Work begins on Arts Centre Melbourne’s iconic Theatres Building

New Theatres Building Western Entry– artists impression courtesy of NH Architecture scaled
New Theatres Building Western Entry– artists impression courtesy of NH Architecture scaled

Construction has begun on early works for the Melbourne Arts Precinct Transformation, a $1.7 billion investment by the Victorian government in Australia’s largest cultural infrastructure project. Arts Centre Melbourne’s Theatres Building, renowned for its sparkling Spire, will commence its most significant refurbishment since opening in 1984.

The long-term project, delivered as part of the Melbourne Arts Precinct Transformation, will include completely refurbishing the State Theatre, Playhouse and Fairfax Studio, adding in new scenery lifts, loading dock, green room, stage door, studio and function spaces, and a new western entrance onto the new 18,000 square metres of public parkland connecting Hamer Hall to the new The Fox: NGV Contemporary art and design gallery, and beyond.
In the State Theatre, there will be improvements to accessibility and audience comfort, upgrades to lighting, acoustic and digital streaming technology, and restoration to the venue’s much-loved heritage-listed interiors. For the first time, wheelchair positions will be added across the stalls, serviced by two new DDA compliant lifts, so that wheelchair users and people with other mobility challenges can easily move from the foyers to their seats. There will also be 68 new enhanced amenity seats with wider row and seat options.
Elsewhere in Theatres Building there will be expanded back-of-house facilities – including new rehearsal spaces, green rooms for artists and a new loading dock with additional scenery lifts. There will also be an opportunity to view artists at work from a new event space above the new State Theatre Rehearsal Studio. These updates will equate to a 15 per cent increase in the potential number of performances.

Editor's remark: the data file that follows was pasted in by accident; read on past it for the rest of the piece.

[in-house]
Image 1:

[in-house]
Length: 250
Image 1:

Two new restaurants and bars will also be built, one at the building’s new western entry, and the other at the northern façade overlooking the Birrarung (Yarra) to Federation Square, at the start of 18,000 square metres public parkland.

“We are thrilled to see work begin on this incredibly exciting chapter of Arts Centre Melbourne’s history that will see our beloved building thoughtfully and respectfully refurbished and made accessible to even more people – a gathering place for all Victorians,” says Arts Centre Melbourne Interim CEO Leanne Lawrence.

The full vision for Arts Centre Melbourne will ensure we retain our reputation and positioning as Australia’s best theatres, cementing our competitive advantage and securing our long-term sustainability.”

Arts Centre Melbourne Reimagining Project Director Chris King said the redevelopment honoured the architectural and design legacy of Sir Roy Grounds and John Truscott while working to meet contemporary standards and access needs.
“The State Theatre and the Theatres Building have worked hard over the past 40 years. They’ve seen thousands of artists, millions of visitors and countless performances. The building has great bones and it’s served us well, but our assets are deteriorating, and our visitors, artists, team and wider Victorian community expect a world-class venue that’s accessible to everyone,” says King.


Arts Centre Melbourne will remain open as usual throughout the works with events and shows on stages, The Protagonist and The Barre operating as well as the car park.

Contractor Lendlease have already begun early works which are due to be completed by early 2023, preparing for major works to deliver the broader Melbourne Arts Precinct transformation. This includes clearing an area behind the Theatres Building and towards Hamer Hall of plants, trees, landscaping and paved outdoor areas. Several public art sculptures around the Theatres Building have been removed to keep them safe during the work, which will be displayed in temporary homes at other public locations. To keep Arts Centre Melbourne open to the public throughout the project, utilities and services will be moved temporarily above ground.

The State Theatre will close for auditorium and stage house refurbishment in 2024 and reopen in December 2026.

Photo credit: Arts Centre Melbourne’s Reimagined northern aspect featuring new restaurants and parkland. NH Architecture

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